YouTubers are on a mission to plant 20 million trees. Hundreds of YouTubers are calling on their audiences today to donate money to the nonprofit Arbor Day Foundation, with every dollar raised turning into a tree seedling in the ground. “We want to show that YouTube isn’t just a drama fest, that we actually have real influence and can make real change,” Jimmy Donaldson, who goes by MrBeast on YouTube and started the campaign dubbed #TeamTrees, said in a private video seen by The Verge.
For any big tree-planting scheme, whether those seedlings can live to change the world is a little more complicated. Planting trees can have huge benefits for the ecosystem and the planet, reviving downed forests and helping to fight climate change by capturing the carbon we release when we burn fossil fuels. But to do so, large-scale tree-planting projects need to avoid potential pitfalls.
The numbers game
Nearly half of the world’s trees have been destroyed since the start of human civilization, one study in the journal Nature found. Between 1990 and 2016 alone, humans took down an area of forest larger than the country of South Africa, according to the World Bank. So there’s a lot of work to be done to not only protect remaining forests, but to bring them back to their former glory.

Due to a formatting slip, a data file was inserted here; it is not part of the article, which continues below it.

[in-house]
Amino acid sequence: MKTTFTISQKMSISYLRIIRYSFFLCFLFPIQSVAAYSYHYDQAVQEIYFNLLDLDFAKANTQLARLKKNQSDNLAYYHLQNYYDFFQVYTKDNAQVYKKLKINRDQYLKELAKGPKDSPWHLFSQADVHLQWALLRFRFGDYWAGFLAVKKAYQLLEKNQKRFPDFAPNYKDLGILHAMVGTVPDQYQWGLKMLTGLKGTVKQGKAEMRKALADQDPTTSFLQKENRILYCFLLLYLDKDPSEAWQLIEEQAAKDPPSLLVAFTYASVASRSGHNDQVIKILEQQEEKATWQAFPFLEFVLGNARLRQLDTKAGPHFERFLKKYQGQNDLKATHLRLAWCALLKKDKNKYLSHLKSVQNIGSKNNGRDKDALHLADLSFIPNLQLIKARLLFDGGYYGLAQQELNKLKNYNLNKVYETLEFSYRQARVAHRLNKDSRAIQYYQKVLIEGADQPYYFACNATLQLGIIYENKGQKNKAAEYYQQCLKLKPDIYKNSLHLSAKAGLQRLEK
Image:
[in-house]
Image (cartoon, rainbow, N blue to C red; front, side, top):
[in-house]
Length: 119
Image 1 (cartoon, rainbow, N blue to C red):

MrBeast set out to plant 20 million trees to commemorate his channel reaching 20 million subscribers. Tree planting projects can be attractive because of how easy it is to quantify how much good you’re doing by simply counting the number of trees you stick in the ground, and one of #TeamTrees’ aims, according to an FAQ for participants, is to take action on climate change. But if that’s the impact it’s going after, the more important tally might be how many of those trees actually live into old age.
“It turns out that many of these seedlings, if you don’t do this well or if people do it who don’t really care about those trees, then they all just die quickly“ says, Eike Lüdeling, department head of horticultural sciences at the University of Bonn. “Sometimes it’s probably a better idea to plant fewer trees and really take care of them.”
“Sometimes it’s probably a better idea to plant fewer trees”